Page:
Analyzing HR Data

Document created by 1050210 on Nov 13, 2014
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Published Date: 07/14/2014


Reneé Watkins

By Reneé Watkins


With so many automated and integrated systems designed to collect, organize and store hard data associated with candidates and current employees, companies have more information at their fingertips than ever before to assist with hiring decisions and predicting employment outcomes.


Still, the data available is only useful if it can be extracted, analyzed and reported on in a meaningful format. A recent survey by SilkRoad, a leading HR software solutions provider, shows 65 percent of HR professionals feel one of their biggest problems is a lack of meaningful analysis of critical data.


Employers who suffer from this problem need to consider either hiring a “big data” analyst for their HR department, or outsourcing the analysis and reporting on this data to a firm that specializes in “big data” mining and analysis. “Big data” is any collection of large and complex data that is difficult to process using traditional data management tools or standard processing applications. A 2014 Towers Watson survey found HR data analysis is currently one of the top three HR technology expenditures.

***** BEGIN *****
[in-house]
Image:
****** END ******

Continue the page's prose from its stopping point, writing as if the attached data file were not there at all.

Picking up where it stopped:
Analysts can often be found as IT professionals with a background in statistics and mathematics. Their education and experience enables them to understand the integration of data, the interpretation of findings and the comparison of results to develop trending models. Here are some tips for getting the right person on board:


Involve Corporate Leadership  – explain how HR will use a big data scientist to develop better ways to identify top candidates, measure engagement and predict employment outcomes. Share the impact on the bottom line of improving the success of the hiring process. Twenty-seven percent of employers responding to a 2013 CareerBuilder survey indicated a bad hire cost them more than $50,000.


Seek Technical Talent  – look for professionals with a combined background in computer science, mathematics and statistics. Big data professionals are naturally curious to learn something new and gain a clearer understanding about how to predict human behavior with data. Make sure the soft skills are present as well, so your analyst can articulate their findings to upper management.


Does your company already have a collection of “big data” needing analysis? If not, is there a “big data” initiative underway to gather this information? If so, does the initiative already include hiring an analyst within the HR organization?